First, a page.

As we let the days pass in Loreto recovering from a severe case of heat exhaustion, we take this time for working on our website, enjoying having a kitchen to cook in, have a rad time with Héctor and Rossa our new friends… and bake some cookies!!
Loreto is beautiful, a magical town in Baja California South with a colorful Mexican personality and chill atmosphere. However truth is, we have been spending most of the time at home resting and hydrating… never underestimate the desert heat! specially undergoing a HUGE physical effort like biking and monkeying all around!!
Last night I made some quick oatmeal cookies that were delicious, but half burnt. Never satisfied with burnt cookies, today I go for the rebound! and exploring in Rossa’s kitchen I found some niger seeds. Niger seeds are little black seeds used mainly as bird food, but turns out, they have a high nutrition value. Packed with proteins, calcium, iron, phosphorus and antioxidants, this little seeds seems like the perfect ingredient to experiment with and after some research sounds like a good addition… at least they are apparently O.K. for human consumption. However, most of the imported niger seeds are pasteurized to prevent them from sprouting in case they carry some other seeds of plants that may become invasive in the west, but this pasteurization process destroys many of their nutrients, so try to get them local raw. You can also use them as seasoning in your dishes, like sprinkling a few of them on top of your rice or soups… anyways, here’s the recipe!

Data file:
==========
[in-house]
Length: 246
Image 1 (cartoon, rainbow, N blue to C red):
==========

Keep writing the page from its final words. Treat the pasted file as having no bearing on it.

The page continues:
1 cup rice flour
1 cup oat flour
2/3 cup oat flakes
2/3 cup coconut oil
2 Tbsp. flax seeds
3 Tbsp. niger seeds
2/3 cup raisins
1 cup soy milk
1 Tbsp. baking powder
1 cup sucanat
1 Tbsp. vanilla extract
2 teaspoons ground cinnamon
Start mixing the rice and oat flour, oat flakes, flax and niger seeds, baking powder, sucanat and cinnamon in a bowl. Separately, blend together the coconut oil (melted), vanilla extract, raisins and soymilk until the raisins are well chopped and lightly moist.
Mix everything together, you should get a soft cookie-dough-like consistency, somewhat similar to a very heavy oatmeal. If you need to, add a bit more soymilk or a bit more oat flour until you like the consistency. If you had to make several ‘adjustments’ try a bit of a dough in case you want to add more cinnamon or sucanat for the flavor. In an oiled cookie sheet, arrange the dough. This time I used a spoon and just placed big spoonfuls of cookie dough, it’s easy to shape them this way and keep their size fairly even.
Into the oven for about 20 minutes at 450 F. However, keep and eye on them and take them out whenever they are golden and crisp. Enjoy!